Sustainable Marketing Lessons: Make Customers Believe In You
Demand is becoming more sophisticated, and supply must keep up. However, what to do with the fact that the excess of assortment has grown into a clearly expressed lack of consumer enthusiasm?
People are tired of conventional marketing, the ultimate goal of which is selling, no matter what beautiful phrases it is wrapped in. The craziness around deceitful sales, Black Fridays, the advantages invented on the go, and manipulative schemes immediately devalues the promotion efforts, turning people into skeptics and reducing any business to the same level.
But obsolete things tend to evolve. The swiftness with which the word "sustainability" burst into the world of business can only be compared with the indisputability of statistics: a third of customers will opt for a product that advocates eco-friendliness and social responsiveness.
So, if you want to stay at the forefront and not pull up the rear, you need to learn how to embrace sustainability in all directions, particularly in marketing. Jump in, and we will help you clear the air around this bizarre but so powerful notion.
First of all, you need to understand that we do not just change the focus of marketing remaining at the same level in everything else. This is cheating, and sooner or later you will be caught on it, with sad consequences.
So, tune in to global change. Only after its implementation, it will be possible to tell customers about your innovations without remorse.
Customers care, and you should accept this from the get-go. They monitor the state of the environment, recognize the importance of social credentials and, in every way, try to emphasize this. We suggest conscious consumption, in particular.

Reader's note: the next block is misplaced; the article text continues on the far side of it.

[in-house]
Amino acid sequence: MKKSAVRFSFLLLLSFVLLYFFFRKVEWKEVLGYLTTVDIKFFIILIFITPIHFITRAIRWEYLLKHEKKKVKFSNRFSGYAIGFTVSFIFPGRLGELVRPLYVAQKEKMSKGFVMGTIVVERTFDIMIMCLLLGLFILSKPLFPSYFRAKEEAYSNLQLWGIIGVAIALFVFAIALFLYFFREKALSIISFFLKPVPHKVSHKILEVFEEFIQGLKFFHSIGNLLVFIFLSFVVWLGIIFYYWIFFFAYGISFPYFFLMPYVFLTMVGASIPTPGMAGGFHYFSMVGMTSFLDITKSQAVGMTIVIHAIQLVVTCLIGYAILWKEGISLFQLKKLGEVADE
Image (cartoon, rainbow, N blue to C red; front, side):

In contrast to the consumerism lifestyle, the conscious one is different in that people consider not only price and quality but also a contribution to world heritage. It’s important for you to make the customer believe that your product follows a completely harmless and peaceful path, and in parallel solves their problem.
The emphasis shifts from the product itself to the customers and the satisfaction of their desire to adhere to a sustainable policy when choosing. Make sure your product can give them that opportunity. If not, then you should start by reviewing the very foundations of production or development.
When it is agreed, you can begin to alert the world about your new philosophy.
This question is often overlooked, so we need to voice it. Some businesses believe that sustainability is just part of a development strategy that can be manipulated as they see fit. Wrong.
Your task is to make this term penetrate into all processes, into all departments, into the head of each employee. The client should not have a single doubt about the sincerity of your motives. It is not enough to wear a mask: it can be torn off at any time. As an example of such tactics you can see how this photo retouching service shows in details all the process of their work in the articles for novice retouchers or people who would like to edit images by their own. You need to integrate sustainability into the culture of your company and believe in it yourself. If you do not believe, no one ever will.